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Today in the Sixth Extinction

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Just continuing to document the horrible ways that humans have decimated the planet.

The dwindling North Atlantic right whale population is on track to finish its breeding season without any new births, prompting experts to warn again that without human intervention, the species will face extinction.

Scientists observing the whale community off the US east coast have not recorded a single mother-calf pair this winter. Last year saw a record number of deaths in the population. Threats to the whales include entanglement in lobster fishing ropes and an increasing struggle to find food in abnormally warm waters.

The combination of rising mortality and declining fertility is now seen as potentially catastrophic. There are estimated to be as few as 430 North Atlantic right whales left in the world, including just 100 potential mothers.

“At the rate we are killing them off, this 100 females will be gone in 20 years,” said Mark Baumgartner, a marine ecologist at the Woods Hole Oceanographic Institution in Massachusetts. Without action, he warned, North Atlantic right whales will be functionally extinct by 2040.

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Their little chicks fast for more than a week while they forage for fish and krill in the waters of the Antarctic polar front, an upwelling where cold, deep seas mix with more temperate seas.

And while king penguins, the second largest penguin species, can swim a 400-mile round trip during that time, they are traveling farther and farther from their nests on the islands near Antarctica, endangering their hungry offspring.

As with so many other species, warmer temperatures are threatening this population, and a new study published today in Nature Climate Change warns that 70 percent of the 1.6 million estimated breeding pairs of king penguins could be affected in this century.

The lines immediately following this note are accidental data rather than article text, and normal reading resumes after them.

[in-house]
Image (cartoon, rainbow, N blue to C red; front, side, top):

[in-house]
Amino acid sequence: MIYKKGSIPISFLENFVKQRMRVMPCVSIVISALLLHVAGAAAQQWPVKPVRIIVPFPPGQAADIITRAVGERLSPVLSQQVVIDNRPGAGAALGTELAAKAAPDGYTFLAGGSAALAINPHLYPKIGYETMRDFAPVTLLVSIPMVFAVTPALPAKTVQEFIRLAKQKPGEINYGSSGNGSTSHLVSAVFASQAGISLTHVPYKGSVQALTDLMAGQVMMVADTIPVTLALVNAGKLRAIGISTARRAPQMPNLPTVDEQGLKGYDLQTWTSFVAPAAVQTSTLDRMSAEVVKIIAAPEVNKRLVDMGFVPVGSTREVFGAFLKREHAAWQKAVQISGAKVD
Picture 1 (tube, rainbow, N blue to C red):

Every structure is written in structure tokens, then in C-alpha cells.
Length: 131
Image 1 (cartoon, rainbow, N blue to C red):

“They will need to either move somewhere else or they will just disappear,” said Emiliano Trucchi, one of the paper’s senior authors. “The largest colonies are on islands that will be too far from the source of food,” predicted Dr. Trucchi, an evolutionary biologist at the University of Ferrara in Italy.

The research team developed a model to predict which islands would become vulnerable with warming, and which ones might become better habitats. They then validated their model through historical and genetic data, reconstructing king penguin relocations during previous periods of climate change.

About half of the king penguin population nests on the Crozet and Prince Edward Islands, in the Indian Ocean south of Madagascar, and are projected to lose their habitat by 2100, according to the model. The 21 percent that nest on the Kerguelen Islands in the Indian Ocean and the Falkland and Tierra del Fuego islands close to South America would find their nesting grounds altered and would have to travel farther to find food and so might relocate. But, the researchers said, some of that would be offset by the colonization of Bouvet Island and a few other islands.

Several others are likely to become more habitable, according to the research. But unlike their bigger cousins the emperor penguins, king penguins can’t nest on ice so their choices are limited and may be hundreds or even thousands of miles from their current nesting areas.

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